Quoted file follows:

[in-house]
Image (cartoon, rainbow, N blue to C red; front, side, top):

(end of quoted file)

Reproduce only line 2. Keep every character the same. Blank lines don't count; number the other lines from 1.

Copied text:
Image (cartoon, rainbow, N blue to C red; front, side, top):